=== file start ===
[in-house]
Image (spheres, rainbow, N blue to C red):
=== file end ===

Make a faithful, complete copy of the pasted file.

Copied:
[in-house]
Image (spheres, rainbow, N blue to C red):